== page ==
One of the things that I find most amazing about the word of God, er, make that the Word of God, is that there's always some new treasure to discover. There are moments in my life, I have to admit, when I feel like I've read it so often, that I couldn't possibly find anything in it I didn't already know. This, of course, is a more a commentary on me than on God, particularly if you notice that I'm the one finding things, rather than God revealing Himself to me. And when I am most certain I will discover nothing new, it's mostly because I'm dry as kindling and need to be set on fire by the Holy Spirit. This often happens by reading and re-reading words and passages that aren't necessarily new but the grounding ones in my life, if that makes sense. Psalm 63:1 is a good example: "You, God, are my God, earnestly I seek you; I thirst for you, my whole being longs for you in a dry and parched land where there is no water."
While it is true that daily readings even of something as large and diverse as the Bible will give a person a fairly strong familiarity with it, it's also true that the very diversity means that what hit me last month or last year I can read right over without even noticing today. He never changes, His word never changes, but my circumstances, my attitudes and my needs definitely do. Many people use a yearly Bible readings to keep themselves on track to...you guessed it, read through the Bible in a year. But I've never done that. I like skipping around too much. For instance, when I get the God-inspired hankering to read Matthew, it almost always leads me back into the Old Testament. Matthew is considered the 'Jewish' gospel, and there are so many prophecies listed (and fulfilled) that it behooves me (I've always wanted to use the word 'behoove' in a post) to read those prophecies in their first context. And so it goes. I can only go a couple of months without finding my way back into at least one of the gospels. I realize that I should consider every word in the Word as equally "God-breathed", but I admit that there's something about the uttered words of the Incarnate that I lean in to listen to more carefully. I mean, this is what He chose to speak when He lived on this earth and walked around in human skin. It gives me goosebumps to think of God in human skin. Really! Any of you out there like me? A show of hands?
But there are many treasures. And now and then I read something I could swear I've read forty-thousand times, but NEVER saw this kernel before. It hits a place that needs hitting OR it speaks a truth that we need to understand. And just last night I found such a treasure in 1 Timothy. Actually, I've been dwelling in 1 Timothy lately. Sometimes it's good to do that, to just kick off one's shoes, and settle in for a spell. Have you read 1 Timothy 4 recently? Some great stuff in there. But finally last night I moved on to the 5th chapter...had to wade through Paul's clear bias against women (which I realize was cultural, but still gets to me, being a woman, after all!), which may be why I haven't noticed this verse before. But here it is:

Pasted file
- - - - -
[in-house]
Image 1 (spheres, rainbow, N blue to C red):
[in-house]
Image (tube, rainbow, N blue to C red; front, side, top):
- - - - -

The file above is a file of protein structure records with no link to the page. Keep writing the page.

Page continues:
"The sins of some are obvious, reaching the place of judgment ahead of them; the sins of others trail behind them. ." 1 Timothy 5:24, 25
Did you catch that? The sins of some are obvious. This isn't rocket science. We're all very aware of the sins of some. We know what those sins are. We see them splattered all over the news, and judge them harshly not merely in our courts but in our hearts. And we expect God to do the same. However, I'm confronted more strongly with the second part of that verse--that the sins of others trail behind them. These are the sins that might just be more deadly. I'm thinking of the attitudes we pass down to our children, the critical spirit we justify to others, the pride and selfishness that define our lives. These sins will trail after us--in the hurts we do to others, and in what we've left undone because we cared only for ourselves.
We live in the tension of these two possibilities, I think, that our actions and inactions will go ahead of us to the throne room, or that we'll leave of disaster of our sin in our wake...and perhaps it's good to simply sit in that tension for a while. To recognize that we are what we are, that even as believers, we must face the facts. Paul was writing his son in the faith when he penned these words, not a non-Christian he was trying to convince.
However, we have the assurance that we've not only been forgiven but actually saved from the prison of those sins. The sins that are the final word for the world are patently not for us. Jesus Christ's work on the Cross--for our sake!!!--and His resurrection as victory over sin and death: these are the final words.
That's the end of the story.